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Biden's pick for Interior secretary faces intense scrutiny from Barrasso
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Biden's pick for Interior secretary faces intense scrutiny from Barrasso

Interior nominee Haaland vows 'balance' on energy, climate

Rep. Deb Haaland, D-N.M., is sworn in before the Senate Committee on Energy and Natural Resources hearing on her nomination to be Interior Secretary, Tuesday, Feb. 23, 2021 on Capitol Hill in Washington. (Jim Watson/Pool via AP

New Mexico Rep. Deb Haaland faced tough questions from Wyoming’s senior senator during her first day of a confirmation hearing for Interior Department secretary.

Testifying before the U.S. Senate Energy and Natural Resources Committee on Tuesday morning, Haaland said she was committed to protecting the nation’s vast public lands, creating new energy jobs, supporting resource-dependent communities and upholding the rights of tribal nations.

She repeatedly expressed a willingness to collaborate with both Democrats and Republicans to “strike the right balance,” between the nation’s need to achieve energy independence and transition to a low-carbon economy.

“There’s no question that fossil energy does and will continue to play a major role in America for years to come,” she said during her opening remarks. “I know how important oil and gas revenues are to fund critical services. But we must also recognize that that the energy industry is innovating, and our climate challenge must be addressed.”

Yet during his own opening remarks, Sen. John Barrasso of Wyoming outlined a string of concerns he had with the nominee’s appointment, including Haaland’s previous statements against fracking and pipeline development.

“I am willing to work with Rep. Haaland and the Biden administration to conserve our national parks and monuments, uphold our nation’s trust responsibilities and protect multiple use of our public lands,” Barrasso stated during opening testimony. “But if Rep. Haaland intends to use the Department of the Interior to crush the economy of Wyoming and other western states, then I’m going to oppose the nomination.”

The Interior Department plays a significant role in Wyoming, especially when it comes to mineral extraction. It’s the agency charged with conserving and managing development on the nation’s public lands.

Although about 10% of oil and gas production nationwide occurs on federal lands and minerals, the proportion is much bigger in Wyoming. About 51% of oil is produced on federal lands here, along with 92% of natural gas.

However, throughout the charged hearing on Tuesday, Haaland appeared ready to strike a conciliatory position with her Republican colleagues on future fossil fuel development.

Haaland hails from New Mexico — a state, like Wyoming, that depends heavily on revenue from federal oil and gas production each year.

But Haaland noted her state and others needed to diversify their revenue streams, generate new jobs and maintain funding for schools. In doing so, they could avert the pain caused by the “booms and busts” of traditional energy markets.

Even still, coal, oil and natural gas would likely figure into the nation’s energy portfolio in the years ahead, she said.

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“We want to move forward with innovation and all of this for our energy needs,” Haaland said. “(But) I think that’s not going to happen overnight. And so we will absolutely rely on the fossil energy.”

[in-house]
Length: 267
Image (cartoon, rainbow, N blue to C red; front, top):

Drilling pauses

President Joe Biden’s recent executive order pausing new oil and gas leasing took center stage during the hearing.

On Jan. 27, Biden issued an executive order pausing new federal oil and gas leasing. The controversial decision sparked fierce opposition from Wyoming’s leaders and officials in other states reliant on federal oil and gas development.

When pressed by Barrasso on Tuesday if the federal government would continue permitting oil and gas wells on public lands under her leadership, Haaland affirmed it would.

Barrasso also interrogated Haaland about her position on coal, copper, lithium and other hard rock mining.

“I believe that if we do these things in a responsible manner and protect the health and safety of workers, I see us moving forward,” she replied. “The Earth is here to provide for us.”

Haaland also dodged several direct questions made by Republican senators about her plans for oil and gas leasing by stressing she would be serving the president and intended to implement his plans.

Ultimately, Haaland underlined her intent to collaborate with lawmakers in resource-dependent states to find the best solutions.

The congresswoman does have a track record of working across the aisle, and earned recognition as one of the most bipartisan freshman senators during her first year in office. Haaland voted in favor of bipartisan legislation affecting Wyoming’s public lands, like the Great American Outdoors Act and America’s Conservation Enhancement Act.

A member of the Pueblo of Laguna tribe, Haaland would be the country’s first Native American cabinet member, if confirmed.

The committee will reconvene to continue Haaland’s confirmation hearing at 8 a.m. Mountain Time on Wednesday.

Follow the latest on Wyoming’s energy industry and the environment at @camillereports


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Energy and Natural Resources Reporter

Camille Erickson covers the state's energy industries. She received her master's degree at Northwestern University's Medill School of Journalism. Before moving to Casper in 2019, she reported on business and labor in Minneapolis, Chicago and Washington.

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